Watch: ACTRAToronto@Work (BG)

V.P. David Gale interviews V.P. Angelica Alejandro, and members Anett Rumanoczky and Pearl Sun, who’ve worked in background or done stand-in work with COVID safety protocols. While they report everyone is happy, excited and grateful to get back to work, they also share their stresses, confusion, frustrations, wishes and tips.


  • Don’t touch me! Crew should use verbal instructions when moving BG performers. It is not safe or respectful to touch them.
  • Face shields for performers might be preferable to masks, as performers would need fewer make-up touches. Performers in all work categories are the only crew members frequently taking their masks on and off.
  • Fellow performers, please keep your masks on between takes to protect your colleagues.
  • Not being able to see people’s lips move under a mask can make it challenging to understand instructions. Could someone please invent a see-through mask? 😉


  • Bring your own snacks. This has always been a good idea, but it is even more so now that buffet-style craft tables are gone. Snacks vary between productions. Take care of yourself. Don’t count on the snacks provided by production to meet your needs.
  • Expand your kit bag. You might need wardrobe, layers, make-up and hair supplies, documents, your COVID kit, snacks. Allow yourself sufficient time to make sure you come prepared.
  • Go to COVID check-in before you go to BG holding.
  • As the paperwork goes electronic, take a photo of your paperwork on your phone for back-up.

Performers working in all performance categories have talked about being confused by the differing testing and safety protocols on different productions. Some sets require COVID testing three times a week; others do not. Background performers can work on a number of different sets in one week. When a performer has to take separate COVID tests for each production, it can limit the number of full days of work a performer can accept. Note, though, that performers are paid for two-hours of work when production requires them to be tested for COVID.

Oh, by the way, everyone agrees that pre-ordered lunches are awesome!

V.P. Alejandro hopes the lessons learned and changes made during COVID can help make production run more efficiently and safely after COVID. Looking toward the new year, Anett wonders how productions will adapt their safety procedures to working on indoor sets in winter.

Even if you don’t work in background, we hope you’ll take the time to watch the discussion, and read the note from stand-in Ellen Oatmeyer below the video. It’s important for all union members to understand the unique challenges of doing stand-in work, or working in background, and many of the discussion points are relevant to all work categories.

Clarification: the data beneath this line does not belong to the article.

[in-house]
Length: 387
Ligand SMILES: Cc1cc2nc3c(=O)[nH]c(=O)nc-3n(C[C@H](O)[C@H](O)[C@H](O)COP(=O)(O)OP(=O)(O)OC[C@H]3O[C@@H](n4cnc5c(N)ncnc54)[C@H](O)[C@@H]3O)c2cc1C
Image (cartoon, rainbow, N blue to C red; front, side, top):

And, as always, be reminded, if you see something that looks unsafe, please, call ACTRA.

A note from Ellen Oatmeyer (Stand-In on Locke & Key)

First, I must say I am so HAPPY to be working on set again. With my entire family living in the United States, Locke & Key (the show I stand in on) has now become my family. I love every day on set. Mentally and physically, I need to be back on set.

I am proud to be a member of ACTRA. I acknowledge you, David Gale, and all your associates at ACTRA, for all you have done to get productions up and running safely and ACTRA members back to work in a safe and positive manner.
Here is my input regarding COVID on-set protocol.

What was your biggest concern about going to set?
My biggest concern was and, still is, not contracting COVID at work.

How did you deal with it?
I abide by the safety measures enforced on set. I wear a mask all the time and a shield as much as possible. I sanitize and wash my hands. I stay a distance from other people on set as much as possible. I keep my personal bubble very small; I do not go out, nor do I attend any indoor activities. Basically, I isolate while not on set. I do go for mandatory COVID tests every Monday, Wednesday and Friday.

What is the atmosphere or feeling on set?
Tense at first. Everyone is respectful of keeping masks on as much as possible and staying clear of the performer zone. When in the performer zone, masks and shields are always in place.

What are some of the changes or adjustments that you have had to make on set and how did the changes impact your performance?
I wear a mask 10 hours of my workday — the entire time I am on set.

Staggered 1/2-hour lunches are GREAT. It gives everyone enough space and time to hydrate and nourish. Also, it shortens the workday. Better balanced life. I do have to listen harder (funny how much I read people’s lips).

Crew seems to be more focused and respectful. Less socializing and more focused work.

Masks, physical distance and handwashing are the three best ways to stop the spread. Are you seeing these enforced on set?

Masks and shields are enforced. Physical distancing is difficult while rolling. Performer zone space is always tight. Difficult to physically distance cast and crew. Crew is very respectful of keeping masks and shields on for the day, especially in the “Red Zone”/performer zone.

Extensive medical evidence shows the spread of COVID 19 is airborne. What we really need on set is clean, pure air. As the weather gets colder, more filming will be happening in studios and lunch space will have to be created indoors, where people have to remove their mask to eat, it is imperative we have pure, clean air (e.g.

I am grateful for all you and your associates at ACTRA do to keep ACTRA members safe and protected as we all work through this unprecedented time on set.

Keep up the great work, ACTRA Toronto!

With Gratitude!
Ellen Oatmeyer